1. They invest all size ganglion cells, but particularly Type A (large ganglion cells);
  2. The innervation occurs principally in the DRG ipsilateral to the lesion, but in addition, there is innervation of the contralateral ganglion cell. Stimulation of the ventral roots of the segments, containing the pre-ganglionic efferents, will produce activity in the sensory axon by an interaction either at the peripheral terminal at the site of injury or by an interaction at the level of the DRG. This excitation is blocked by intravenous phentolamine, emphasizing an adrenergic effect. Whether these effects are indeed underlying sympathetic pain states is an issue of controversy.


  1. Classic observations emphasize that nerve section leads to painful sensory experiences that reflect the persistence of a neural organization that originally subserved that body region innervated by the sectioned nerve.
  2. Pain is associated with ongoing sensations (dysesthesias) and an exaggerated sensitivity to otherwise innocuous stimuli (e.g. tactile allodynia).
  3. Allodynia represents activity in low threshold afferents. At a systems level, nerve injury results in increases in afferent traffic from the injured nerve at the site of injury (e.g. the neuroma) and/or at the dorsal root ganglion of the injured axons.
  4. Injury also produces alterations in the dorsal horn excitability leading to enhanced activity in dorsal horn neurons and changes in their receptive field size.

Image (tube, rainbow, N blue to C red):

5. A number of mechanisms have been identified which are believed to underlie these changes in dorsal horn excitability, including increased expression of pro excitatory element such as sodium and calcium channels and the increased expression of cytokines and their eponymous receptors.
  6. In addition, there are long term changes in receptor properties such as the conversion of the GABA A receptor from an inhibitory to an excitatory phenotype secondary to changes in the Chloride transporter.
  7. Activation of nonneuronal cells are also considered to be relevant where in they serve to release a variety of proexcitatory products.
  8. Sprouting of primary afferents does not explain the pain events secondary to injury, but the sprouting of sympathetics into the DRG and neuroma may provide a linkage for the sympathetic component of the sympathetic component of the pain state.


  1. Calcutt NA, Backonja MM.Pathogenesis of pain in peripheral diabetic neuropathy. Curr Diab Rep 2007;7:429-34
  2. Day M. Sympathetic blocks: the evidence. Pain Pract 2008;8:98-109.
  3. Hansson PT, Dickenson AH. Pharmacological treatment of peripheral neuropathic pain conditions based on shared commonalities despite multiple etiologies. Pain 2005;113:251-4.
  4. Romero-Sandoval EA, Horvath RJ, DeLeo JA. Neuroimmune interactions and pain: focus on glial-modulating targets. Curr Opin Investig Drugs 2008;9:726-34.
  5. Saadé NE, Jabbur SJ. Nociceptive behavior in animal models for peripheral neuropathy: Spinal and supraspinal mechanisms. Prog Neurobiol 2008;86:22-47.
  6. Whiteside GT, Adedoyin A, Leventhal L. Predictive validity of animal pain models? A comparison of the pharmacokinetic-pharmacodynamic relationship for pain drugs in rats and humans. Neuropharmacology 2008;54:767-75.
  7. Woolf CJ. Dissecting out mechanisms responsible for peripheral neuropathic pain: implications for diagnosis and therapy.Life Sci 2004;74:2605-10.
  8. Yaksh TL, Sorkin LS. Mechanisms of neuropathic pain. Curr Med Chem 2005;5:129-140.
Close Nav